“We are earnestly seeking to explode the vicious principles of Joseph Smith, and those who practice the same abominations and whoredoms,” wrote Law. Accompanied by the Nauvoo city marshal, Smith responded by destroying his accuser’s printing press. The governor thereupon charged Smith with inciting a riot and had him jailed.

On June 27, 1844, while Smith was drinking wine with his brother and some friends in a spacious cell in Carthage, Ill., a mob surrounded the building. The prophet had a gun, a six-shot “pepper-box” pistol, but a gang with blackened faces charged into his cell and opened fire, immediately killing his brother and the others. Smith almost escaped out the window. With shots coming at him from behind and below, he plummeted two stories to the ground and died.

Five men were tried for his murder. All were acquitted. But Mormonism soon recovered when a new prophet emerged—a 43-year-old former housepainter and carpenter, also from Vermont, named Brigham Young.

Thirty-seven years after Smith’s fateful race, Chester Arthur succeeded where he’d fallen short, becoming the first president from Vermont upon the assassination of President James Garfield. But Arthur was the Episcopalian son of a Baptist minister, and public attitudes had turned less tolerant in the intervening years. In his first annual message to Congress on Dec. 6, 1881, Arthur called Mormon polygamy an “odious crime” and a “barbarous system,” urging legislation to stop its spread. By then, Mormons were well established in Utah, Idaho, Arizona and other Western Territories. Attacks on polygamy peppered Arthur’s speeches throughout his presidency.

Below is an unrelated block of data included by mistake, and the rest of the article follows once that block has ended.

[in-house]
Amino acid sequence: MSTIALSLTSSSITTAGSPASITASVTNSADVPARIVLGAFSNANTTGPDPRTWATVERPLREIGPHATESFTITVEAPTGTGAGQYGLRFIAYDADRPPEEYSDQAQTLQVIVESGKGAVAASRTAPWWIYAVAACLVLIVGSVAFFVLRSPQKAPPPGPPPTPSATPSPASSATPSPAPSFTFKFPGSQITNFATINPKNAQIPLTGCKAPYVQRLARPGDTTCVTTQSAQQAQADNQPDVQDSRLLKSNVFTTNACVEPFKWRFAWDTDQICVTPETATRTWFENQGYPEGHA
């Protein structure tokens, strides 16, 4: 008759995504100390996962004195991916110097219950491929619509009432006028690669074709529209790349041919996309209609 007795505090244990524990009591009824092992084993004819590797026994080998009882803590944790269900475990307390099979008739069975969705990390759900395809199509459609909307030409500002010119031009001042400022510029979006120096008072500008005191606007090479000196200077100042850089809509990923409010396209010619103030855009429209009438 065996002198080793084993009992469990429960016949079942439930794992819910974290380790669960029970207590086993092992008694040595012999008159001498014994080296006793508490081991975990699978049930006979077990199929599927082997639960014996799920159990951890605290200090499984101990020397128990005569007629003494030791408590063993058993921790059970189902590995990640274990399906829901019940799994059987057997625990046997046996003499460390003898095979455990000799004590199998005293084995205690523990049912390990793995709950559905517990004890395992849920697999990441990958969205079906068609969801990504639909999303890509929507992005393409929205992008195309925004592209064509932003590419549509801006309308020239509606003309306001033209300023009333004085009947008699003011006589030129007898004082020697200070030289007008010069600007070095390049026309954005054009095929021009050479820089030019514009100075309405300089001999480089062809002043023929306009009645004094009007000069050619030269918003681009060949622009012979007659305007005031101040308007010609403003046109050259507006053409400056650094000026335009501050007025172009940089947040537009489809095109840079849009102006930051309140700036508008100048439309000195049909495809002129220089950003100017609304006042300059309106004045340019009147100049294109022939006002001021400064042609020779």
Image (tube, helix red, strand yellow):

More than a century later, the Pew Research Center has concluded that 25% of Americans would be “less likely” to vote for a Mormon presidential candidate. The responses from white evangelicals are even less encouraging. More than a third reacted negatively to the idea of a Mormon in the White House. Among those, 63% said there is no way they will vote for Romney. University of Akron political scientist John Green claims that distrust among Christian evangelicals contributed to Romney’s 2008 loss in the Iowa caucuses.

During Romney’s 2008 presidential run, he tried to defuse the issue and dispel doubts with a speech, a strategy used with success by John F. Kennedy when he spoke publicly about Catholicism and politics during his presidential run. But Romney's "Faith in America" talk in Texas mentioned his Mormon faith just once, raising questions about whether he was as comfortable with the issue as he suggested.

This time around, he moved to preempt attacks by announcing on CNN that he is “not a spokesman” for the church. Whether it will work remains to be seen.

(This article is the third in a series adapted from The Vermont Way, a new study to be released in 2012. The author’s website and blog may be found at http://muckraker-gg.blogspot.com.)